“Yes! I found it! This is it, right?”

I respond, “Yeah, that’s it.” Am I supposed to congratulate him now?

He sits in front of the laptop while we all listen to the song for a a few moments. I feel more exposed than I’ve ever felt in my entire life. Bearded Guy pauses my song in the middle and switches back to the Kanye track that was playing before. He gets up and heads back to the bar. “Well, anyway, cool tat.” I nod my head, crack a weak smile, and continue rubbing the sailboat at my wrist, right where he grabbed me.

I realize that most of the people who ask me about my tattoo are just trying to be friendly and get to know me better. But the ways we mark up our bodies are personal, and just because a mark is visible doesn't mean it's your right to know about it — whether it’s a tattoo, a scar, or a dramatic haircut.

I love connecting with other people. I love smiling with a stranger at the gym as we take turns filling water bottles, or chatting with a kid who just wants to show me his new book. I love hearing a friend’s story over coffee, learning what's really making them laugh or cry today. I love sharing my own stories with others, too. I love opening up and letting my neuroses spill out. I love thinking that I am, perhaps, making my corner of the world a bit more open and understanding. But I struggle when it comes to talking about my tattoo with people.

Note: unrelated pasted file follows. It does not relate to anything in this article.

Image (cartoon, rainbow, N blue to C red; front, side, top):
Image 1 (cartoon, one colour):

As soon as I got inked, my little tattoo became a source of strength and hope for me; inspired by a song that inspired me, it was a reminder of my own spirituality. On top of that, my tattoo's kept me grounded. If I were a character in Inception, my tattoo would be my totem.